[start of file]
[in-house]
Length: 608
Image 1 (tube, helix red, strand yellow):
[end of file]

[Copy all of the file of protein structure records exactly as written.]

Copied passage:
[in-house]
Length: 608
Image 1 (tube, helix red, strand yellow):